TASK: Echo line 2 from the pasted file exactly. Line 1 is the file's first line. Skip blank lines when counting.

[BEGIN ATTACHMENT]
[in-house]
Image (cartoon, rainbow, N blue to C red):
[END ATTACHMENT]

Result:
Image (cartoon, rainbow, N blue to C red):